Officially, the Z80 single board computer from CPUville has a 1.8432 MHz crystal clock. Compare that to a modern PC running multi-megahertz clocks and it’s pretty slow indeed. But sometimes the real test is in running ‘real programs’.
As stated in prior posts, I’ve been playing with PL/I on my Z80 single board computer under CP/M 2.2, and I love it. PL/I is turning out to be the amazing and fun language I learned back in 1980, and it’s a blast. One thing I really love about PL/I is the total control over output, done easily with output formatting capabilities, plus the really great error handling.
I had an obscure bug in my latest program; a multi-phase concentration-with-time program from my Engineering graduate days. It would not run on one of the numerous test data sets, instead crashing immediately with ‘Error 3’. Looking up the error, it says: ‘A transcendental function argument is out of-range.’ Some help. However, transcendental functions include exponentiation, and the program had just such a line. Typical debugging means putting in a bunch of print statements and then wading through reams of output to try and trace the problem.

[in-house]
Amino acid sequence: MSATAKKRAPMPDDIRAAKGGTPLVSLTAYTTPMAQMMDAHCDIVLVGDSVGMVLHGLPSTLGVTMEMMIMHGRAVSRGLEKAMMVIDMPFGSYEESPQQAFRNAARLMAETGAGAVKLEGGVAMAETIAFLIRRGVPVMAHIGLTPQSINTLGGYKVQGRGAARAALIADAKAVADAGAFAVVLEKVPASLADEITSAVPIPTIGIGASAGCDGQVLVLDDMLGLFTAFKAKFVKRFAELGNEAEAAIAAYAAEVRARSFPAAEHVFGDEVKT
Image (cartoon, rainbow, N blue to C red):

In PL/I, you can use the ‘on’ construct to trap errors. So by adding a ‘on error(3) begin… end;’ I was able to immediately isolate the subroutine where the error occurred and yes, it was the exponentiation line. Now adding some print statements made sense, and I quickly found that in double-precision, squaring a negative number was causing the problem. Now squaring a negative number is legal (the result is positive), so I had to find a fix. Fortunately using the ‘abs’ function solved the problem for this case as no real data (i.e. fluid concentration) should be negative in the runs. With the problem fixed, time to run all the example cases.
All but one ran in decent time. But problem 10, which has 600 time steps, was still going after two days. With no console output, I wasn’t sure if the program had crashed or was just taking a long time.
A few more print statements (with a debug flag to turn them off later), and a stopwatch, and I found this particular run was taking 6.44 seconds per time step. With 600 time steps in the run, that’s 4040 seconds or 67.3 hours (2.8 days!). No wonder I thought it was taking a while.
So about slowness… when I was wondering if the run was ‘broken’ or not, I ran the test case on my Win7 PC (in FORTRAN, but close enough). It was so fast you could not really time it. Let’s say for argument sake it took 1 second. That makes the Z80 4040 TIMES SLOWER!
Oh well, this is all about fun, so waiting for the full run on the Z80 will be something to wait for. Until next time…